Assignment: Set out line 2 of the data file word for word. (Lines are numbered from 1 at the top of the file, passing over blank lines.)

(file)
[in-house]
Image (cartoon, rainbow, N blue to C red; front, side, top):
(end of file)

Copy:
Image (cartoon, rainbow, N blue to C red; front, side, top):